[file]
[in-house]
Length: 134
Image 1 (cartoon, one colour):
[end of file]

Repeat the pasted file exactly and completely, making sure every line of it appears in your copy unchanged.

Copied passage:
[in-house]
Length: 134
Image 1 (cartoon, one colour):